The Secrets She Keeps by Michael Robotham

I am most familiar with Australian author Michael Robotham’s series of novels featuring protagonist Joe O’Loughlin, and I have recommended him to many people without hesitation. When I received a copy of his latest, The Secrets She Keeps, from Scribner and NetGalley in exchange for my honest review, I had no idea what the premise was, whether it was an O’Loughlin book, or something new and different. And it WAS different – for sure. This is the story of two women who are apparently pregnant at the same time. One of them, Agatha, works at a supermarket, isn’t married, and spends a lot of time and energy dreaming of the life she doesn’t have (especially the roles of wife and mother). She watches (and seriously at first her stalking really creeped me out) Meghan, a beautiful mother of two seemingly perfect children, wife to a good-looking television personality, whose pregnancy seems about as far along as Agatha’s own.

We learn that although everything LOOKS perfect. Meghan is restless in her marriage: “…sometimes I rake my memory to find moments that make me truly happy.” Told in the alternating points of view of these two women, a recurring theme of honesty and trust is voiced by Meghan early on: “Anyone who says that honesty is the best policy is living in la-la land. Either that or they have never been married or had children. Parents lie to their kids all the time—about sex, drugs, death, and a hundred other things. We lie to those we love to protect their feelings. We lie because that’s what love means, whereas unfettered honesty is cruel and the height of self-indulgence.”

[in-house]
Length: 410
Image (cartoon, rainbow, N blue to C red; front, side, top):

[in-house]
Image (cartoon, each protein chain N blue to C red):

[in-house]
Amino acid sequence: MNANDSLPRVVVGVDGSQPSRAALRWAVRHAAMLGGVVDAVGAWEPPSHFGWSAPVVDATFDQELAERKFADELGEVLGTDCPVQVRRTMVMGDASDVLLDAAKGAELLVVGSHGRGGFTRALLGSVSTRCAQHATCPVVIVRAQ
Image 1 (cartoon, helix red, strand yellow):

Agatha is no less unsettled: “How can she ever understand my life? What it’s like to live in a cramped, claustrophobic tunnel that gets smaller and darker as each year passes.” Much of her viewpoint is revealed when she says to Meghan “I am an outlier. I am the incredible disappearing woman. I am childless. Less of a person. Not in the club. You take those things for granted.”

Agatha wants the life she thinks Meghan has. Meghan sees Agatha as a familiar face from her shopping trips and yoga class, but little does Meghan know that the ho-hum exchange she has with a store employee during her hurried afternoon shopping trip is about to change the course of her not-so-perfect life!